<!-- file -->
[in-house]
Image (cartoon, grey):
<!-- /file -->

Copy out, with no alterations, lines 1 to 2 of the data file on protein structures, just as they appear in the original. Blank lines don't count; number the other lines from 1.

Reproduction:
[in-house]
Image (cartoon, grey):